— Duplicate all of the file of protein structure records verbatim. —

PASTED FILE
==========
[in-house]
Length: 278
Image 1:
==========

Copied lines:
[in-house]
Length: 278
Image 1: